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We’ll Make the Tough Decisions for You!

The smoking ban, though well intended, violates personal freedoms and the chance to think

by Published: Jan 20, 2010

Editor’s Note: The fol­low­ing arti­cle dis­cusses only my opin­ion toward smok­ing leg­is­la­tion and does not reflect my opin­ion on the choice to smoke or my stance on the effects that second-hand smoke has on pub­lic health.

The quickly approach­ing smok­ing ban has evoked a mix­ing pot of emo­tions from Michiganders. I have found my own opin­ions to be com­plex and occa­sion­ally con­flict­ing, but they have led me to a con­clu­sion on my stance: I am not in favor of state-wide smok­ing ban legislation.

The key word here is “leg­is­la­tion.” People should be left to make their own deci­sions, be they poor for their health or not, so long as they are informed and these choices are not forced upon the per­son due to circumstance.

Many restau­rants and other pub­lic areas have already gone smoke-free. The need to leg­is­late a trend that is becom­ing the norm is quite beyond my understanding.

By obser­va­tion, it seems to be that eater­ies that do have smok­ing sec­tions are the excep­tion. It would stand to rea­son, then, that these restau­rants, being per­haps one of the few places where a smok­ing sec­tion is present, truly may be hurt by a smok­ing ban.

Insofar as bars are con­cerned, how­ever, I do under­stand why peo­ple may want a bar to be smoke-free. Certainly not all drinkers are smok­ers. Even when ignor­ing the irony of this “one poi­son ver­sus the other” sort of trade off though, I still stum­ble into areas of conflict.

If a bar is an “ages 18 and up” estab­lish­ment and its own­ers wish to accom­mo­date their smok­ing cus­tomers’ habits, I think that this is a busi­ness deci­sion that should be left up to the estab­lish­ment. If the busi­ness wants to risk los­ing cus­tomers who do not want to be around said smoke, then this is a wager that I believe busi­ness own­ers have the right to make.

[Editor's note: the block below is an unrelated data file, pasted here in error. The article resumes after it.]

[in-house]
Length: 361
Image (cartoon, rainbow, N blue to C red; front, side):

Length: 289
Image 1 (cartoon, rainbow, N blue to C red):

A rea­son­able excep­tion to this premise is chil­dren. A child largely has lit­tle influ­ence over fac­tors that could prove to affect his or her health. Decisions influ­enc­ing a child’s well­be­ing are usu­ally left up to par­ents. I can cer­tainly see how, for the sake of someone’s health who can­not yet make edu­cated deci­sions and whose par­ents may be unin­formed or self­ish, the smok­ing ban is rea­son­able in this respect.

Ultimately though, I would say that the deci­sion to allow smok­ing should be left up to the estab­lish­ment and the deci­sion to attend such an estab­lish­ment should be left up to the patrons. The pub­lic demand for the types of estab­lish­ments peo­ple want to fre­quent will be enforced by their mon­e­tary support.

I sus­pect that, as pub­lic opin­ion towards tobacco con­tin­ues to lean in the way of heavy oppo­si­tion, most pub­lic estab­lish­ments would then end up decid­ing to become “smoke-free” places of busi­ness. I do not feel it is right for the gov­ern­ment to trump free­dom of choice in such a pater­nal­is­tic man­ner as to pass leg­is­la­tion because “they know what is good for us.”